Hayes, William (1735-1802)
Portraits of rare and curious birds, with their descriptions from the Menagery of Osterley Park, in the county of Middlesex.
London : printed by W. Bulmer and Co., Shakespeare Printing Office; and published for the author by R. Faulder, 1794 [ – 1799]. Quarto, contemporary full calf (edges worn), spine with contrasting morocco title label (chipped at head and foot, rubbed), bookplate for Frances Hubert Barclay to pastedown, front hinge weak, two volumes in one, pp ; 100 fine handcoloured engraved plates (a number signed by Hayes’ family members), lacking the engraved view of the menagerie (as commonly found), bound without the two preliminary leaves to volume two (ESTC: “2 out of 3 copies don’t have them”), occasional sparse foxing and a few light stains.
Hayes’ Portraits of rare and curious birds is the product of a commission by Robert Child and his wife of their extensive collection housed in aviaries and in open spaces in Osterley Park, west London. Due to the untimely death of his patrons, Hayes completed his work with the aid of his wife, Anne, and his six children Charles, William, Annette, Emily, Maria and Matilda, who hand coloured the thousands of engravings required for publication, in a number of instances individually signing their work.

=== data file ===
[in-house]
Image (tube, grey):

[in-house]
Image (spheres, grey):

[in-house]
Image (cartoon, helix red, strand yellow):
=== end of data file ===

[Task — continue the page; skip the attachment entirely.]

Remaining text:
The Childs’ collection included some truly exotic species, acquired through the family’s links to the East India Company, of which Robert’s uncle (also named Robert) was Chairman. The plates illustrate vultures from Africa, pheasants, quail and ducks from China, macaws from Brazil and parakeets from India. Sourced from farther afield are other rare specimens including a Black-Capped Lory and Great Red-Crested Cockatoo from New Guinea, the Blue-Headed Turtle from the South Sea Islands, and the Blue-Bellied Parrot and Nonpareil Parrot from Botany Bay, New Holland.
“One of the most famous, early coloured illustrations of ornithology” (Wood). “Hayes was the first author systematically to record a single private collection of live birds; such a project was not attempted again until 1846” (Jackson, Bird Etchings, p.135).
Nissen IVB 422; Wood p. 381